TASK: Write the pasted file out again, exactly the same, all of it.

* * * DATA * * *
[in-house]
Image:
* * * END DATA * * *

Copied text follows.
[in-house]
Image: